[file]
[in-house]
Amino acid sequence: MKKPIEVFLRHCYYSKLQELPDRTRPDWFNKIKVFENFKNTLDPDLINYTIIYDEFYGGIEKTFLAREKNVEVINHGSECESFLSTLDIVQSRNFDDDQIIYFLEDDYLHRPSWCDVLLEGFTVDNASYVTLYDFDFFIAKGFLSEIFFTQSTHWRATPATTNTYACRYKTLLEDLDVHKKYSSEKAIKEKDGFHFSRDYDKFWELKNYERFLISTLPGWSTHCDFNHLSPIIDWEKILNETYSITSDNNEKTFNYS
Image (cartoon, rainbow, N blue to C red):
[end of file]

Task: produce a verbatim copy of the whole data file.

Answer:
[in-house]
Amino acid sequence: MKKPIEVFLRHCYYSKLQELPDRTRPDWFNKIKVFENFKNTLDPDLINYTIIYDEFYGGIEKTFLAREKNVEVINHGSECESFLSTLDIVQSRNFDDDQIIYFLEDDYLHRPSWCDVLLEGFTVDNASYVTLYDFDFFIAKGFLSEIFFTQSTHWRATPATTNTYACRYKTLLEDLDVHKKYSSEKAIKEKDGFHFSRDYDKFWELKNYERFLISTLPGWSTHCDFNHLSPIIDWEKILNETYSITSDNNEKTFNYS
Image (cartoon, rainbow, N blue to C red):